Trying to come up with an every day lineup

CINCINNATI — Bryan Price was able to use the same lineup three days in a row Thursday, Friday and Saturday, the first time the Cincinnati Reds manager has been able to do that since games two through five of the 2015 season.

Then, on Sunday, his lineup card looked like something a team runs out there a day after clinching a championship or a day after being eliminated from contention or an early spring training game.

Those are times when veterans rest and bench players play.

Absent Sunday was shortstop Zack Cozart, center fielder Billy Hamilton, third baseman Eugenio Suarez and catcher Tucker Barnhart.

PRICE LAUGHED HEARTILY when told it had been more than a year since using the same lineup three days in a row, then said, “When we’re healthy, we could have a set lineup. We still have to respect and appreciate what Cozart goes through to take the field (after knee surgery last year). There is a limited period of time he can play before he needs a day off. And it’s the same to a certain extent with Hamilton. So it’s hard to use that same lineup every day.”

And there is another reason.

“I have to get the bench players some game time,” he said. “I think Jordan Pacheco (third base) has started only three games. And Tyler Holt (center field)hasn’t had a whole lot of starts. In order for the guys on the bench to give us any real value they have to get periodic starts.”

THAT ‘EVERY DAY’ lineup consisted of Cozart batting leadoff and Hamilton batting second, a lineup Price likes.

“It’s fun, that flow with Hamilton, Cozart, Joey Votto and Brandon Phillips has a nice feel to it,” he said. “We will see a lot of that to give us a common look. You should see that lineup a fair bit (Cozart, Hamilton, Votto, Phillips, Jay Bruce, Eugenio Suarez, Adam Duvall, Tucker Barnhart, the pitcher).”

Price has moved Hamilton up from ninth to second because, “It gives us that speed component at the top of the lineup. Billy has been getting on base at a higher rate lately and hitting the ball harder over the last week to 10 days. Even some of his outs are balls he hits hard.”

Price has one word for Hamilton’s speed and what happens when he is on base: “Phenomenal.”

And he added, “You see what he does to the pitchers. It’s like a time bomb waiting to go off when he is on the bases.” Price noted that pitchers and defense spend an inordinate amounte of time paying attention to Hamilton when he is on base and said, “Pitchers and fielders invest so much time trying to slow him down. And it is wasted energy, to a certain degree. He still does what he wants.”

PRICE WAS ASKED if he saw New York Mets pitcher Bartolo Colon hIt a home run Saturday. Somebody on ESPN said Kentucky Derby winner Nyquist ran the last quarter mile faster than Colon circled the bases and somebody else said, “That’s not fair. Colon is bigger than Nyquist.”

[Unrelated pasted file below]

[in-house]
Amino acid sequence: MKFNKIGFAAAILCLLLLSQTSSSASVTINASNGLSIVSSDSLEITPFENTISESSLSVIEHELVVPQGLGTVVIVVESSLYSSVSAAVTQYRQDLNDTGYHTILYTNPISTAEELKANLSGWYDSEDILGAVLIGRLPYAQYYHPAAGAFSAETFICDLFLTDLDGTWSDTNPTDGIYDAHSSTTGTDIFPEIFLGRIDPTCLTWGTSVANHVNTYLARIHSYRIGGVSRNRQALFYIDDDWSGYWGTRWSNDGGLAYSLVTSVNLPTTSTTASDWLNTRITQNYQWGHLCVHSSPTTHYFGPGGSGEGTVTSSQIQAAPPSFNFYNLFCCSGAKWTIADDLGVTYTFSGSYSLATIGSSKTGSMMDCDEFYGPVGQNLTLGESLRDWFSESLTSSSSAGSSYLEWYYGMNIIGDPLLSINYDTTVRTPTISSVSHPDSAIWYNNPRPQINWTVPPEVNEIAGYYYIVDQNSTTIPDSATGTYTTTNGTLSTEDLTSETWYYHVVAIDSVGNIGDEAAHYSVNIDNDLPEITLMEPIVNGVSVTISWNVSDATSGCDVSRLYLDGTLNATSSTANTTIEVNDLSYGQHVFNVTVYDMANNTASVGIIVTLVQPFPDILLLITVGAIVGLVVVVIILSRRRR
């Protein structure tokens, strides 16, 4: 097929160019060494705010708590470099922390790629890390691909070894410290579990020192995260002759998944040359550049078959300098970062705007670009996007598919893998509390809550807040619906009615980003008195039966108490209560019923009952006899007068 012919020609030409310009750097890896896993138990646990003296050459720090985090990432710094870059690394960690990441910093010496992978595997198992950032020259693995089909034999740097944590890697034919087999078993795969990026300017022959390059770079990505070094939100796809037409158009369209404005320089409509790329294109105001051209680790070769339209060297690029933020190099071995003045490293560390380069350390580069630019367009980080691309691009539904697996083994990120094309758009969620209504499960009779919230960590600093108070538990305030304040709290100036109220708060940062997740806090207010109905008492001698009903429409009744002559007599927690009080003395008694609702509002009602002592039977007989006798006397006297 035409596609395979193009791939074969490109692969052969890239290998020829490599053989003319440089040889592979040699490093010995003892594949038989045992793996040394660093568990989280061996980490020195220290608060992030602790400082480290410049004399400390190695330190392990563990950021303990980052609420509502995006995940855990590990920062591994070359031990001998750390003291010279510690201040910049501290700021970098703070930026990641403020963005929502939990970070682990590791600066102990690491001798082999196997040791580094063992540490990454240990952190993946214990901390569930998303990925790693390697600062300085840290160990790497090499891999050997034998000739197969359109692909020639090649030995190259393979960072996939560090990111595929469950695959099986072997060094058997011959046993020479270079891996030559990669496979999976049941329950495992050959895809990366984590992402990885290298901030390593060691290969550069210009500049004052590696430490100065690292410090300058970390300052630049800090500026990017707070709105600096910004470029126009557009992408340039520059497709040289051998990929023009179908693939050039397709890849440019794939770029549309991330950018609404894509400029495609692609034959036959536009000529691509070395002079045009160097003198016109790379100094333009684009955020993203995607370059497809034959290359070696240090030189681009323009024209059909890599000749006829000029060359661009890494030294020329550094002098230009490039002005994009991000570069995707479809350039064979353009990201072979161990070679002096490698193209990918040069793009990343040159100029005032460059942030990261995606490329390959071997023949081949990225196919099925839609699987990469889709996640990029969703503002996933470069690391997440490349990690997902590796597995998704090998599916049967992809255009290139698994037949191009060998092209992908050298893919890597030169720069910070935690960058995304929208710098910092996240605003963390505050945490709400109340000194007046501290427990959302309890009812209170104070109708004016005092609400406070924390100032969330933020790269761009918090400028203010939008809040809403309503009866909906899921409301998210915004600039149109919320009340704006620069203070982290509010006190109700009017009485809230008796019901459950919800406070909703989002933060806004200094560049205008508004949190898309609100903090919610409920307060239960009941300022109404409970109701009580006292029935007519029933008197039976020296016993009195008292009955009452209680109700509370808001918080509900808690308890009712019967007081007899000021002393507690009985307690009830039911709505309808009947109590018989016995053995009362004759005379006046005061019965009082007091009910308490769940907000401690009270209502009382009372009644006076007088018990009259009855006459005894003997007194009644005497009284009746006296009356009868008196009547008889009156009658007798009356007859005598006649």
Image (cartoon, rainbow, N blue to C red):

Said Price, “Man, 42 years old. I’m glad he didn’t hit it against us. When I was pitching coach in Seattle he pitched a playoff game against us in 2001. He was throwing 100 miles an hour in the eighth inning and pitched a 5-0 shutout. And we’d won 116 games. I’d never seen anything like it. He was magical.”

THE REDS SENT 25-year-old Scott Schebler to Class AAA Louisville because they don’t want a young player sitting on the bench too much. They want him to get playing time and Schebler wasn’t getting it since losing the left field battle to Adam Duvall.

So they called up 24-year-old outfielder Kyle Waldrop. Price, though, says it is the same situation with Waldrop.

“He will help us off the bench, but he is another guy I wouldn’t want to have here long term solely as a bench player,” said Price. “I’m hoping to get him some starts, but I can’t guarantee that and he’ll have to stay ready on the bench to give us a quality early game pinch-hit. He gives us a left handed power threat, a guy swinging the bat better after a slow start in Triple-A.”

WALDROP WAS UP briefly last year, just enough time to get his first major league at-bat and his only major-league at-bat so far.

“I started off slow in Louisville but have been swinging the bat better the last two or three weeks,” he said. “I’m just happy to get back here and prove what I can do.”

Waldrop was slowed during spring training by a groin injury, which probably contributed to his sluggish start to the Louisville season. “I missed a lot of at bats and was sent right to Louisville after spring training, but it is better to have an injury during spring training than during the season.”

LOUISVILLE WAS IN Indianapolis Saturday and Waldrop was treating his family and friends to dinner when his cellphone rang in the restaurant. It was Louisville manager Delino DeShields telling him to jump in a car and drive to Cincinnati. Pronto.

“My cousins live in Indianapolis, so my parents and grandparents flew in to watch me play there,” said Waldrop, who is from Fort Myers, Fla. “My aunt flew in, too. When I got the call, I got to tell them all at dinner and my mom lost it. And they’ll all be here today in Cincinnati, a quick change of events, and a nice Mother’s Day gift for my mother.”

SOME CLUBHOUSE HUMOR erupted before Sunday’s game when Billy Hamilton shouted across the clubhouse to Alfredo Simon, “Happy birthday, how old are you, 40?”

“Don’t worry about it. I’m 31,” said Simon.

“You ain’t no 31,” Hamilton said with a laugh as he sprinted to Simon’s locker and jumped on him. Oh, and they were both wrong. Simon’s birth certificate says he is 35 today.


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